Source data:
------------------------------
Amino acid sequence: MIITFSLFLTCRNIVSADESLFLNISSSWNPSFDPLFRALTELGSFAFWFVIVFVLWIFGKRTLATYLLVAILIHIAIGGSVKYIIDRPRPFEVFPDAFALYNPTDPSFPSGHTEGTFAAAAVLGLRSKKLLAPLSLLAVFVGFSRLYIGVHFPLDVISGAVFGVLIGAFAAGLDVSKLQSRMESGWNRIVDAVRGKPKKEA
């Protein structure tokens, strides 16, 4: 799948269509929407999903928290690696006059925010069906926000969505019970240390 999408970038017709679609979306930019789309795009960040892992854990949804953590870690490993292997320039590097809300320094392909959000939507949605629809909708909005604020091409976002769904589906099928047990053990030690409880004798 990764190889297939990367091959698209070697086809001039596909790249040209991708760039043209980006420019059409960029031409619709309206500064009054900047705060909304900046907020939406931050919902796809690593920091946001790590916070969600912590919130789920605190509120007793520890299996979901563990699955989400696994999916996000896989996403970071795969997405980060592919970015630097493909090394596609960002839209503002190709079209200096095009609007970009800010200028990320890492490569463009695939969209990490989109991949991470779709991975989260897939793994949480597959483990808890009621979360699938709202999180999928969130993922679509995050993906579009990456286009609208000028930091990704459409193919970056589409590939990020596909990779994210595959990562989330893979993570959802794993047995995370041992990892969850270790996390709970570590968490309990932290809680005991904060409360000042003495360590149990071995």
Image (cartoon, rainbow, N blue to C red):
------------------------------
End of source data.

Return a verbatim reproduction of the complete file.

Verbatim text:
Amino acid sequence: MIITFSLFLTCRNIVSADESLFLNISSSWNPSFDPLFRALTELGSFAFWFVIVFVLWIFGKRTLATYLLVAILIHIAIGGSVKYIIDRPRPFEVFPDAFALYNPTDPSFPSGHTEGTFAAAAVLGLRSKKLLAPLSLLAVFVGFSRLYIGVHFPLDVISGAVFGVLIGAFAAGLDVSKLQSRMESGWNRIVDAVRGKPKKEA
């Protein structure tokens, strides 16, 4: 799948269509929407999903928290690696006059925010069906926000969505019970240390 999408970038017709679609979306930019789309795009960040892992854990949804953590870690490993292997320039590097809300320094392909959000939507949605629809909708909005604020091409976002769904589906099928047990053990030690409880004798 990764190889297939990367091959698209070697086809001039596909790249040209991708760039043209980006420019059409960029031409619709309206500064009054900047705060909304900046907020939406931050919902796809690593920091946001790590916070969600912590919130789920605190509120007793520890299996979901563990699955989400696994999916996000896989996403970071795969997405980060592919970015630097493909090394596609960002839209503002190709079209200096095009609007970009800010200028990320890492490569463009695939969209990490989109991949991470779709991975989260897939793994949480597959483990808890009621979360699938709202999180999928969130993922679509995050993906579009990456286009609208000028930091990704459409193919970056589409590939990020596909990779994210595959990562989330893979993570959802794993047995995370041992990892969850270790996390709970570590968490309990932290809680005991904060409360000042003495360590149990071995």
Image (cartoon, rainbow, N blue to C red):